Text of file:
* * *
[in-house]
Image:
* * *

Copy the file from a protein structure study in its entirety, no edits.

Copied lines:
[in-house]
Image: